It is morally worse to kill than to let die. Rachels argues that the difference thesis is false. Common moral intuition would say that my actions in A are worse than my actions in B. But Rachels would say that what explains our view about the cases is not the bare fact that the first involves a killing whereas the latter involves a letting die.
In certain situations, passive euthanasia "letting die" is morally permissible. However, active euthanasia physician-assisted death is never morally permissible. Doctors can withhold treatment in many circumstances, and does nothing wrong if the patient dies, but the doctor must never, ever "kill" the patient.
In situations for which passive euthanasia is permissible under this justification, there are no morally sound reason for prohibiting active euthanasia, and in some cases, active euthanasia is morally preferable to passive euthanasia.
Rachels says that he can understand someone who opposes both active and passive euthanasia as immoral practices, but cannot make sense of approving of one and not the other.
The basis of the conventional doctrine is the distinction between "killing" and "letting die," together with the assumption that the difference between killing and letting die must, by itself and apart from further consequences, constitute a genuine moral difference. Although most actual cases of killing are morally worse than most actual cases of letting die, we are more familiar with cases of killing especially the terrible ones that are reported in the mediabut we are less familiar with the details of letting die.
This gap leads us to believe that killing is always worse.
the difference thesis can only be applied to cases where the only choice is to kill or let die (not: kill or not kill) Euthanasia an act of killing or letting die such that (1) the death benefits the person who dies and (2) the agent is motivated to do what is good for the person & intends to benefit him or her. They have defended the Equivalence Thesis, which says that killing and letting die are goes, the difference between killing and letting die is not morally important. euthanasia the intention may be only to end the dying person’s suffering. And as for the. Thesis statements are usually presented as part of the opening of an assignment or essay. In order to compose a successful thesis statement regarding euthanasia, the first step is deciding which side of the argument the paper will take. The thesis statement can be built around the chosen argument.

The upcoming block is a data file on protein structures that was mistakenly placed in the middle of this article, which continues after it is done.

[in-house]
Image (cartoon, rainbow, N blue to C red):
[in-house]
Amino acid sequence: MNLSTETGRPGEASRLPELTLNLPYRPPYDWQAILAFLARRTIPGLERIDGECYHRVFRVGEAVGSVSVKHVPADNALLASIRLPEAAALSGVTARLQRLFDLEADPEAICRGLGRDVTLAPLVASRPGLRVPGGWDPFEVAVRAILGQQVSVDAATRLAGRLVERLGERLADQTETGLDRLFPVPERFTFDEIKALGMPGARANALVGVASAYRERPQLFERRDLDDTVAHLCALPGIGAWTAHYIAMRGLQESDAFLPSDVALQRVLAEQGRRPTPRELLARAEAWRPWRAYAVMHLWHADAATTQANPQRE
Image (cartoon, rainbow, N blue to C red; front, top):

First argument against the conventional doctrine is that many cases of "letting die" are WORSE for the patient than is killing them. If the patient is going to die either way, why is it morally permissible to dehydrate them to death?
Either way, the patient is dead. But the conventional doctrine often adds a requirement of suffering before dying. The refusal of treatment to some "defective" newborns, and the subsequent death by dehydration, shows that some cases of letting die are worse than killing.
Second argument is the Bathtub Example of Smith and Jones. It demonstrates that some cases of letting die are at least as bad as killing. Therefore, in many cases where it is right to let a patient die, it is also right to practice active euthanasia. Notice that Rachels does not defend active euthanasia killingbecause he never defends the morality of passive euthanasia.
His goal is to challenge the distinction. In a case where "letting die" is immoral, killing may also be immoral. If "letting die" is always immoral, then one might have a sound moral reason to object to active euthanasia, too.assisted suicide difference thesis euthanasia involuntary euthanasia moral difference thought experiment thought experiments utilitarianism voluntary euthanasia Annotations Rachels, “Active and Passive Euthanasia”.
In the following I will compare and contrast passive and active euthanasia, discuss whether there is a moral difference between them, and mount a defense of the thesis, that in most cases there is no real moral difference .
Section: Philosophy Article: “Active and Passive Euthanasia” by James Rachels Author’s Thesis: There is no principal difference between active euthanasia and passive euthanasia. Argument for Rachel’s Thesis: Active euthanasia is in many cases more humane than passive euthanasia.
Active vs. Passive Euthanasia Essay. The debate on killing versus letting die is a difficult topic to address due to the emotional weight of the subject and the challenge presented by taking a purely rational approach to assessing the resulting moral implications - Active vs.
Passive Euthanasia . NESBITT’S “IS KILLING NO WORSE THAN LETTING DIE?” The “difference thesis”: It is morally worse to kill than to let die. offers what he takes to be the most powerful argument in defense of the distinction between active and passive euthanasia.
If we examine the difference between passive and active euthanasia from a deontologists (Kant’s) point of view we can come to a similar conclusion. One of his basic insights is that morality is a matter of motives and intentions, and not a matter of consequences (Kant).